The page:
2005 AFAS FEAST-France Fellowships
The Victorian Government annually awards up to six Victoria Fellowships to emerging leaders in engineering, science or technology. Each Fellow receives a travel grant of up to $18,000 to undertake a short-term overseas study mission to assist in developing a commercial idea, in undertaking specialist training or in career development. The 2005 Victoria Fellows are more than just clever young scientists and engineers. They are innovators, applying cutting-edge research to tackle the challenges facing Victoria and the world in the twenty-first century. Today’s winners demonstrate a considerable and vibrant career options.
AFAS Feast- France Fellowships
In 2005, winners of the Victoria Fellowships who are planning a study mission in France will be eligible for a $5,000 AFAS Feast-France Fellowship as a supplement to their Victoria Fellowship.
Ms Thanh Tam Chau is a PhD candidate at the University of Melbourne where she is investigating the behaviour of emulsions at nanoscale within the Particulate Fluid Processing Centre in the Department of Chemical and Biomolecular Engineering.
Emulsions are key components in the manufacture of many foods, paints resins, pharmaceuticals and even explosives. Ms Chau’s research is exploring the effect of stabilisers on the interaction between droplets in emulsions with a view to understanding the structure-function relationships between stabilisers and oils in emulsions.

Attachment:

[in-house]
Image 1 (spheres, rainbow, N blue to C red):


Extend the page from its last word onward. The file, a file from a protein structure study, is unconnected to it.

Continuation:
Ms Hayley Newton is a PhD candidate with the Department of Microbiology, Monash University. She is investigating Legionella pneumophila, the bacteria that cause Legionnaire’s disease, a rare and often life-threatening form of pneumonia. L. pneumophilia is found in water ways, potting mix and artificial systems that use water for cooling, heating and industrial processes.
Through comparisons with other species of Legionella, Ms Newton has identified three genes that appear to be involved in L. pneumophilia’s ability to cause disease in human cells.
Mr John Papandriopoulos is a PhD candidate with the ARC Special Research Centre for Ultra-Broadband Information Networks (CUBIN), University of Melbourne. He is developing clever new ways to improve the performance of wireless sensor networks which will have a significant impact on many activities such as industrial automation, security monitoring and traffic control.
Physically tiny and cheap to deploy, sensors will soon find their way into a wide range of machines and devices. They communicate through a wireless network – a new kind of “internet" for machines – to create a system that is more powerful than individual parts.